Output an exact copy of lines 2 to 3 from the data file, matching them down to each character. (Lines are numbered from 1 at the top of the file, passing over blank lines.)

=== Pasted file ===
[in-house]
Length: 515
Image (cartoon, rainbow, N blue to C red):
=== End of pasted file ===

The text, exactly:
Length: 515
Image (cartoon, rainbow, N blue to C red):